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3.1 Social Responsibilities of Strategic Decision Makers
Should strategic decision makers be responsible only to shareholders, or do they have broader responsibilities? The concept of social responsibility proposes that a private corporation has responsibilities to society that extend beyond making a profit. Strategic decisions often affect more than just the corporation. A decision to retrench by closing some plants and discontinuing product lines, for example, affects not only the firm’s workforce but also the communities where the plants are located and the customers with no other source for the discontinued product.
Such situations raise questions of the appropriateness of certain missions, objectives, and strategies of business corporations. Managers must be able to deal with these conflicting interests in an ethical manner to formulate a viable strategic plan.
RESPONSIBILITIES OF A BUSINESS FIRM
What are the responsibilities of a business firm and how many of them must be fulfilled?
Milton Friedman and Archie Carroll offer two contrasting views of the responsibilities of business firms to society.
Friedman’s Traditional View of Business Responsibility
Urging a return to a laissez-faire worldwide economy with a minimum of government regulation,
Milton Friedman argues against the concept of social responsibility. A business person who acts “responsibly” by cutting the price of the firm’s product to prevent inflation, or by making expenditures to reduce pollution, or by hiring the hard-core unemployed, according to Friedman, is spending the shareholder’s money for a general social interest. Even if the businessperson has shareholder permission or encouragement to do so, he or she is still acting from motives other than economic and may, in the long run, harm the very society the firm is trying to help. By taking on the burden of these social costs, the business becomes less efficient— either prices go up to pay for the increased costs or investment in new activities and research is postponed. These results negatively affect—perhaps fatally—the long-term efficiency of a business. Friedman thus referred to the social responsibility of business as a “fundamentally subversive doctrine” and stated that:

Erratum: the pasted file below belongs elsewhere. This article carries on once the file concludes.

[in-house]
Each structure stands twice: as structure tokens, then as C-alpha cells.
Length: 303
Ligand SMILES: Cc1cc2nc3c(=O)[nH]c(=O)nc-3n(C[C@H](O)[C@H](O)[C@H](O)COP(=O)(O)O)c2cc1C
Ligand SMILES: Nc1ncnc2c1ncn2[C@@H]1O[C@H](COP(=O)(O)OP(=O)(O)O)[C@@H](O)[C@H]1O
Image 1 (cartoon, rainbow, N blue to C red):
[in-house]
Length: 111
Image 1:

There is one and only one social responsibility of business—to use its resources and engage in activities designed to increase its profits so long as it stays within the rules of the game, which is to say, engages in open and free competition without deception or fraud.2
Following Friedman’s reasoning, the management of General Mills was clearly guilty of misusing corporate assets and negatively affecting shareholder wealth. The millions spent in social services could have been invested in new product development or given back as dividends to the shareholders. Instead of General Mills’ management acting on its own, shareholders could have decided which charities to support.
Carroll’s Four Responsibilities of Business
Friedman’s contention that the primary goal of business is profit maximization is only one side of an ongoing debate regarding corporate social responsibility (CSR). According to William J.
Byron, Distinguished Professor of Ethics at Georgetown University and past-President of
Catholic University of America, profits are merely a means to an end, not an end in itself. Just as a person needs food to survive and grow, so does a business corporation need profits to survive and grow. “Maximizing profits is like maximizing food.” Thus, contends Byron, maximization of profits cannot be the primary obligation of business.
Question: Provide arguments both
(a) in support of and
(b) against this statement;
(c) what is your position on the issue?
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